Then we fell silent and stood amazed.
"Oh, not for him was the gallows raised."

He laughed a laugh as he looked at us,
"Do you think I've gone to all this fuss,
To hang one man? That's the thing I do.
To stretch the rope when the rope is new."

Above our silence a voice cried "Shame!"
and into our midst the hangman came;
to that mans place, "Do you hold," said he,
"With him that was meat for the gallows-tree?"

He laid his hand on that one's arm
and we shrank back in quick alarm.
We gave him way, and no one spoke,
out of fear of the hangmans cloak.

That night we saw with dread surprise
the hangmans scaffold had grown in size.
Fed by the blood beneath the chute,
the gallows-tree had taken root.

Now as wide, or a little more
than the steps that led to the courthouse door.
As tall as the writing, or nearly as tall,
half way up on the courthouse wall.

The third he took, we had all heard tell,
was a usurer..., an infidel.
And "What" said the hangman, "Have you to do
with the gallows-bound..., and he a Jew?"

And we cried out, "Is this one he
who has served you well and faithfully?"
The hangman smiled, "It's a clever scheme
to try the strength of the gallows beam."

The fourth man's dark accusing song
had scratched our comfort hard and long.
"And what concern," he gave us back,
"Have you ... for the doomed and black?"

The fifth, the sixth, and we cried again,
"Hangman, hangman, is this the man?"
"It's a trick", said he, "that we hangman know
for easing the trap when the trap springs slow."

And so we ceased and asked now more
as the hangman tallied his bloody score.
And sun by sun, and night by night
the gallows grew to monstrous height.

The wings of the scaffold opened wide
until they covered the square from side to side.
And the monster cross beam looking down,
cast its shadow across the town.

Then through the town the hangman came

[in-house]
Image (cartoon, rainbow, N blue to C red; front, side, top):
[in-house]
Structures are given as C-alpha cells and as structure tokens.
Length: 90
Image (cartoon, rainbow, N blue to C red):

and called through the empy name.
I looked at the gallows soaring tall
and thought ... there's no one left at all

for hanging ... and so he called to me
to help take down the gallows-tree.
And I went out with right good hope
to the hangmans tree and the hangmans rope.

He smiled at me as I came down
to the courthouse square...through the silent town.
Supple and stretched in his busy hand,
was the yellow twist of hempen strand.

He whistled his tune as he tried the trap
and it sprang down with a ready snap.
Then with a smile of awful command,
He laid his hand upon my hand.

"You tricked me Hangman." I shouted then,
"That your scaffold was built for other men,
and I'm no henchman of yours." I cried.
"You lied to me Hangman, foully lied."

Then a twinkle grew in his buckshot eye,
"Lied to you...tricked you?" He said "Not I...
for I answered straight and told you true.
The scaffold was raised for none but you."

"For who has served more faithfully?
With your coward's hope." said He,
"And where are the others that might have stood
side by your side, in the common good?"

"Dead!" I answered, and amiably
"Murdered," the Hangman corrected me.
"First the alien ... then the Jew.
I did no more than you let me do."

Beneath the beam that blocked the sky
none before stood so alone as I.
The Hangman then strapped me...with no voice there
to cry "Stay!" ... for me in the empty square.